I watched Hallaj, a story that transcends time and religion, at Toronto’s Buddies in Bad Times Theatre, a couple of nights ago. Hallaj is the story of a man who was brave enough to stand up for his beliefs – no matter what the consequences.
The story follows Hallaj’s quest for God, while defying the limits of religion and embracing spirituality, which is at the heart of the Sufi movement. Sufism is best described as the mystical branch of Islam that focuses on turning one’s attention inward in the search for God. Sufi music is captivating and beautiful and has a trance-like quality to it.
Mansur al-Hallaj was a Sufi mystic and poet who lived in Baghdad around the year 243 AD (as per the show). The show follows his true story of being hunted for refusing to take back a statement he made in a state of divine communion.
Hallaj believed that we should love and seek God, for his own sake; to be one with him and not because we fear hell or hope for heaven. When we do something simply for a favourable outcome it makes the action materialistic and takes away the joy that comes from loving God without expecting anything in return.
The actors are all amazing and each one commands your attention when they are on stage. Hallaj, played by the playwright Peter Farbridge, brings such passion to the character that we get lost in his world. Jamil, his wife, is played by Beatriz Pizano who is simply spectacular. As an audience member I could tell she really felt every emotion she portrayed and I was close enough to the stage to see the real tears in her eyes. Sharif, played by Carlos González-Vio, with his booming voice stole every scene he was in. The rest of the cast was stellar as well but I have to skip over some names.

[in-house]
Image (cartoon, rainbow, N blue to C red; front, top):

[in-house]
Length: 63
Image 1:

The most captivating part of this show, other than the actors, is the lighting. I loved the way it’s used to create rooms and give a sense of captivity. The set is simple, barren actually. The ground is covered with mulch. There are no other props, only a wall in the background that acts as a backdrop for some pretty cool effects.
This is a physical piece of theatre with a lot of movement which adds to the overall feel of the show. There is dancing, fight scenes and a lot of gyrating trance-like states that keep the piece moving. The show weaves in and out of the past and present. The flashbacks are done so well that neither my friend nor I were ever confused about what was going on. This is not easy to do but they managed to keep the story straight.
My show partner for the evening, who can be a tough critic, really enjoyed the show as well and said she loved the lighting and the sound. She also thought the story had a certain viewpoint that felt very fresh and relevant and was executed flawlessly.
This is one of those hidden gem shows that you will be surprised to discover. I encourage everyone to see this while it’s here. Keep an open mind and let Hallaj take you a journey. It tells the story of religious censorship and the lack of self-expression in formal organized religion through the story of an Islamic man who is shunned for his beliefs. This show will stay with you long after you leave the theatre.
–Hallaj is playing at Buddies in Bad Times Theatre (12 Alexander St) till December 4, 2011.
-Shows run from Tuesday to Saturday at 8pm; Saturday at 2:30pm.
-Tickets range from PWYC to $35.
-Tickets are available by calling 416 975 8555 or at www.buddiesinbadtimes.com
Photo credit to John Lauener. Cast in photo: Beatriz Pizano, Stewart Arnott, Carlos González-Vio, Steven Bush, Bahareh Yaraghi.